My head was only still for a few seconds of my hot lap in a Rally Fighter, but that's all it took for me to notice the accessory controls were the vehicle's biggest letdown. Local Motors is seeking to rectify that with the integration of an open-source "Galileo board" from Intel.
A Galileo board is the microcontroller board that's used as a platform for interfacing between a user and a Windows, Mac OS, and Linux operating system. It then controls and interact with other pieces of hardware.
Local Motors plans to fit these boards in the Rally Fighter to control the vehicle's windows, lights, and allow interface with smartphones. But theoretically, somebody tech savvier than I could build out the Galileo board to run some of the off-roader's more exciting systems, like the throttle. Couldn't they?
It's cool that the Rally Fighter will have better controls, but I'm really hoping that means somebody's going to program a remote-control setup so the Rally Fighter can be driven by phone-remote like James Bond's Tomorrow Never Dies 7-Series BMW. Can any of you nerds chime in and assure me that's possible?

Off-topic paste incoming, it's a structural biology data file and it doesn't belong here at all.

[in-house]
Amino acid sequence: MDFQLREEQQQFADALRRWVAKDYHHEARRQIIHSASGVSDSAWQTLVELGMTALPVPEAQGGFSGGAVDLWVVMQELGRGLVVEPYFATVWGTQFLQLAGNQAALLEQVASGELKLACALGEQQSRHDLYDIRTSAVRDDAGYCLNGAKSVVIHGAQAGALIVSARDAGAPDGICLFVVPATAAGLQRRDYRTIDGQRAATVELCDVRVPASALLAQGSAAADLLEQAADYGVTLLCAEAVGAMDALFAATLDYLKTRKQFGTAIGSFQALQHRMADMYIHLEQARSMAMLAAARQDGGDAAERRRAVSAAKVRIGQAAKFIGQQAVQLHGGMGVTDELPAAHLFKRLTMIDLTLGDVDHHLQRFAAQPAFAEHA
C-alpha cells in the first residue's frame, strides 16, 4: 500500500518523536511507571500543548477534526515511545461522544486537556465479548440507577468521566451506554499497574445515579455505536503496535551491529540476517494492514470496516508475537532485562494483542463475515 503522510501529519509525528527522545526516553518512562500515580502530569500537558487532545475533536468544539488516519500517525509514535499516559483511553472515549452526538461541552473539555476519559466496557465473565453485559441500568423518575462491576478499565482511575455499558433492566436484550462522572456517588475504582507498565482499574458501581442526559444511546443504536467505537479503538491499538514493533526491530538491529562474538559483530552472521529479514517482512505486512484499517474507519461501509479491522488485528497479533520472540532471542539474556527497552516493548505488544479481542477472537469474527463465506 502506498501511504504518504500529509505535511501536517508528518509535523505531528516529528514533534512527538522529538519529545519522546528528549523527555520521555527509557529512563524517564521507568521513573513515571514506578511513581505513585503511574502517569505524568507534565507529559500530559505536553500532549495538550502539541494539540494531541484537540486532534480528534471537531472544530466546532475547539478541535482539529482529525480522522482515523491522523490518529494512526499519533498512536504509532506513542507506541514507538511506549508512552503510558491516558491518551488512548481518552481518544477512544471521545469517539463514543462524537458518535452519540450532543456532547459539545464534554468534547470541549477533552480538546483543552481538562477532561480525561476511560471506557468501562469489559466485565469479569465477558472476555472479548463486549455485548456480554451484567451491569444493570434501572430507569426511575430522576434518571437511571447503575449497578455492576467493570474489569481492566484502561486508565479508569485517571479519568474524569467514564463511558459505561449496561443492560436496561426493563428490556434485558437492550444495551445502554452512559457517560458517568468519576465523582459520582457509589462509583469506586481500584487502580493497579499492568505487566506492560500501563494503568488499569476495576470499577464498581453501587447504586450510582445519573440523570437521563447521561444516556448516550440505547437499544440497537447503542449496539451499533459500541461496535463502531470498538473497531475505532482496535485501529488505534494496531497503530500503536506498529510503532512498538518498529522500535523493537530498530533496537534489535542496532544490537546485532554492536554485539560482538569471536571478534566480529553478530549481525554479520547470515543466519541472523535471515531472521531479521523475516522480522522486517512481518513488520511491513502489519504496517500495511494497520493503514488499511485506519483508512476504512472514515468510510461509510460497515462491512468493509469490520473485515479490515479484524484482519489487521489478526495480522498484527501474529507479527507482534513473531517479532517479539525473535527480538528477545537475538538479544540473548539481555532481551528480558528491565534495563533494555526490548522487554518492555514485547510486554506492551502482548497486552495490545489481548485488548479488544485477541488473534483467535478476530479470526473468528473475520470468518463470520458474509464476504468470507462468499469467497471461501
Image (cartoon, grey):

In concert with the Local Motors open-source ethos, Intel has made all the design schematics, "Allegro board files" whatever those are, and bill of materials (BOM) available for a free download.
Those that can make more sense of computer specs can check out Intel's product brief and report back to us.
Image: Local Motors, Intel, "Tomorrow Never Dies"